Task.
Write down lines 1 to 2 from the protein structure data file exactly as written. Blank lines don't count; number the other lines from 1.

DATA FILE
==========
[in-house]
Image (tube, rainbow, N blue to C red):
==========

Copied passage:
[in-house]
Image (tube, rainbow, N blue to C red):